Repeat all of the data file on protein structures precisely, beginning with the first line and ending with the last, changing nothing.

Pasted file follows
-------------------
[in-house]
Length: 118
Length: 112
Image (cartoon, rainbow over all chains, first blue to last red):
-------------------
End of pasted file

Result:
[in-house]
Length: 118
Length: 112
Image (cartoon, rainbow over all chains, first blue to last red):